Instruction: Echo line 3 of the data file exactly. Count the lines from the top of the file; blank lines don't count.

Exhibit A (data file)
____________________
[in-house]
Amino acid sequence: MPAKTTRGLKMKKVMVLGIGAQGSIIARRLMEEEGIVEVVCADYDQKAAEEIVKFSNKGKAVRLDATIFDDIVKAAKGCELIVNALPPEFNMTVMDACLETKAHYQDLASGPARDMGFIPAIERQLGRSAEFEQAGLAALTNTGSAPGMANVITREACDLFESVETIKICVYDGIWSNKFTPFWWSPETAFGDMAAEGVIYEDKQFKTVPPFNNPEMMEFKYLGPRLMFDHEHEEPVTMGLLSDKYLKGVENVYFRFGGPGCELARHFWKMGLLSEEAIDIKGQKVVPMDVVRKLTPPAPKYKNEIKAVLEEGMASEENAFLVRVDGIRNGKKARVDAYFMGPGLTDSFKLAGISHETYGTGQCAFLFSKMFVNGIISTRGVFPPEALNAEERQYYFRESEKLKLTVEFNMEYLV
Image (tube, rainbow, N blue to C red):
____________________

Image (tube, rainbow, N blue to C red):